On Wednesday, we rallied early for a tour of the Kake fish hatchery. This private non-profit, funded by salmon and crab fishing associations, captures spawning salmon coming up Gunnuk Creek. As the fish start upriver, they are diverted to a slew and large vats inside the hatchery. During a the salmon run, a large crew of workers mans the hatchery, capturing the fish, removing the row, and saving the fish carcass. The row is then fertilized, incubated, hatched, uniquely marked, and later released up river to complete their development. This process insures a high hatch yield and great increase in the survival rate of the salmon. The salmon carcasses are ground up for bait and sold to the crab association. The unique marking on the fish allow researchers to track the salmon throughout the North Pacific. Mature salmon from the Kake hatchery have been caught off Siberia and Japan.

During the salmon run, as many as 50 bears fish the creek just outside and below the hatchery. According to the caretaker, several times a bear has become a bit impatient fishing the river, and walks inside the open garage door of the hatchery, right over to the vats, and pulls out a fish in front of startled workers! They've found it best not to interfere, and let these few occurrences happen, the bear typically running off with his fish. He says it gets a bit scary when the bear turns towards the workers and consumes the live salmon while they watch!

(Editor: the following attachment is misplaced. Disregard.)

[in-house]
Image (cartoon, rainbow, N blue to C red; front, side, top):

Gunnuk Creek dam is closed, diverting spawning salmon to hatchery vats

Salmon eggs are incubated in these

These hatched babies are raised then later released to the wild

Wednesday afternoon Bill and Karen, our crew since the 15th leave for Juneau. Thursday, Dick and Harriet Squire arrive from Malibu to crew with us to Sitka. You probably remember them aboard Seagate, their Offshore 54, which they cruised alongside us last year to Alaska and the Queen Charlotte Islands. See the 2008 Alaska Blog for the full-story.

Wild Blue's guest stateroom has to be specially prepped for Commodore Squire and First Lady Harriet.

Sunset on Kake's Portage Bay Marina

Monday, June 22, 2009

#25 - Hole-in-the-Wall #2 thru Keku Strait to Big John Bay

Our anchorage today is near the northern end of Keku Strait. Once again we need to exit Hole-in-the-Wall #2 on a rising tide and continue into Keku Strait while the rise continues.

We ran the tender over and collected our crab traps, one was empty, the other lost. Apparently the trap set just outside the anchorage entrance was swept away by the high tide and ocean swell. No crabs and now, no trap. Hopefully this crabbing will get better.